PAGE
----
A number of new training providers taught the farm training workshops during the season, including veteran farmers, Extension educators and a small business specialist. Staff worked with each trainer to help them present their materials in a way that was easily understood by the farmers. A local grower presented on marketing by setting up her entire farmers’ market stand in the classroom, which was a successful visual technique. Farm visits were also popular, as they allowed farmers to meet successful growers and see their operations.
New farmers sold $12,200 worth products this season—a healthy second income. They also saved money to use for buying seeds and supplies in 2010. The CROPS CSA was increased by 70% this year, with farmers providing 30% of the produce—a huge increase over previous years. CROPS participants also sold produce at the Community CROPS farmers’ market, Old Cheney Road farmers’ market, to local grocery stores, local restaurants, and through the on-line Nebraska Food Cooperative. They also sold products informally to family and friends, and donated thousands of dollars of surplus produce to food programs.
During 2009, two returning families took significant steps toward running an independent farm business, and are both renting land away from Sunset in 2010. This is a noteworthy accomplishment for the program! One family has been raising chickens and vegetables at Sunset, and in 2009, their third year, they sold almost all of their vegetables, broilers and eggs independently. They are now renting land elsewhere and expanding their operations. A second family has completed two full seasons growing at Sunset, and will use some land there during 2010, but also rent additional land elsewhere, so they can grow more vegetables. They have developed a farm name and logo, and have purchased market supplies through a small loan from CROPS. They will have their own weekly booth at the Old Cheney Road Farmers’ Market in 2010. Having land at Sunset means they can continue to sell products through the CROPS CSA, as well as benefit from advice from staff and other farmers.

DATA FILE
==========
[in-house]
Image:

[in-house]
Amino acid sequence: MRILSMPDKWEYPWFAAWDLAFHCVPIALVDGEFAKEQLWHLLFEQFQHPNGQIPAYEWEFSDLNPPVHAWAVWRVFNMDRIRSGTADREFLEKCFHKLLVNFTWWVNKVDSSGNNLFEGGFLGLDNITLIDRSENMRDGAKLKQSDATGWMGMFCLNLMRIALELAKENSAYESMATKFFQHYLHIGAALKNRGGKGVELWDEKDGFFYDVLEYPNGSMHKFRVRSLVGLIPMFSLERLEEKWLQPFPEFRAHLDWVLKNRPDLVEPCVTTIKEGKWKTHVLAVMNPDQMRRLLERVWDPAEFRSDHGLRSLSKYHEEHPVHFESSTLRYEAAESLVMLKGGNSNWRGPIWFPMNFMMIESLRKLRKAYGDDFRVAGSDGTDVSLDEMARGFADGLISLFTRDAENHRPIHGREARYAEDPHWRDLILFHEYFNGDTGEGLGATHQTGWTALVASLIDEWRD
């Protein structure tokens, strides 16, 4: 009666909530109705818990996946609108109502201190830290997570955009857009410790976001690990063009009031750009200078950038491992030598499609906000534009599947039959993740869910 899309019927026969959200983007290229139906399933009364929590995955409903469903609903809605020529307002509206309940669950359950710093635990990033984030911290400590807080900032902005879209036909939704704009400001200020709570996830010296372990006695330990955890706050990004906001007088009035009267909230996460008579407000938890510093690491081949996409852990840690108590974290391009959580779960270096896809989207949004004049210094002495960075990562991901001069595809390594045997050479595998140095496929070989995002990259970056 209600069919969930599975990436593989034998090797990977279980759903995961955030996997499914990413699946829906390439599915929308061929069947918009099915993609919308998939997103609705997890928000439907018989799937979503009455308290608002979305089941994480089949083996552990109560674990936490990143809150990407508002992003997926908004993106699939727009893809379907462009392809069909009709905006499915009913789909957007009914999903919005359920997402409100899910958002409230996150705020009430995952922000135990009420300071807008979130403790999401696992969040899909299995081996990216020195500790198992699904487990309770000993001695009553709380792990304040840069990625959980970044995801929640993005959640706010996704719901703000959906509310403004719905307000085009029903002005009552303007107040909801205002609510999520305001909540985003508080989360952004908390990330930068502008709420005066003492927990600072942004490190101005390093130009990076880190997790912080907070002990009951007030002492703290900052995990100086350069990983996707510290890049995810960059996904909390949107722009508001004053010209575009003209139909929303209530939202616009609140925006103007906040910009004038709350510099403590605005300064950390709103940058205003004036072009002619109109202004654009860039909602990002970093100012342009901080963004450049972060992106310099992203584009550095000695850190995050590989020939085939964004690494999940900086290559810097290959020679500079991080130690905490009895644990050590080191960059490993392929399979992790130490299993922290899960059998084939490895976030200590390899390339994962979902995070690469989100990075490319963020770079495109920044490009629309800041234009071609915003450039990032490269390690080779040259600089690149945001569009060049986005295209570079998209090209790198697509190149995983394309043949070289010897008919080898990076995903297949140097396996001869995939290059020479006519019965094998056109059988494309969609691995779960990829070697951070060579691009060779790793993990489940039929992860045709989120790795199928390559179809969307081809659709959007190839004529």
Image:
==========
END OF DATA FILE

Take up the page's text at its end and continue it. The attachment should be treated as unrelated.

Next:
We also had our first ‘passing on the gift’ loan completed in 2009. A family that had received garlic in the previous year passed on an equivalent amount to a first year farmer, which was an accomplishment for everyone involved. Farmers have been reluctant to take loans, even though they are interest free and they need them to buy needed supplies, so we have stopped using the word ‘loan’. Instead, we offer to buy items for the farmers, and have them pay us back at a future date. This seems to be more acceptable to them, but additional work needs to be done to identify ways for them to capitalize their businesses.
Impacts and Contributions/Outcomes
Production of crops increased significantly at Sunset Farm in 2009. Total production by weight was 24,000 pounds of food, compared to 10,000 pounds in 2008. The majority of these crops which require transplanting were started from seed by the farmers, rather than being purchased as transplants. This provided them with cost savings and sturdy transplants to start the year well. Returning farmer income increased this year compared to what they earned last year. One family’s sales increased by $4000 and a second family’s income increased by over $1000.
Year-end surveys indicated that participants felt knowledgeable about sustainable production techniques, but needed more training in business and financial management, and some in marketing as well. We will be addressing these topics with the farmers more in 2010.
Lincoln, NE 68503
Office Phone: 4024642417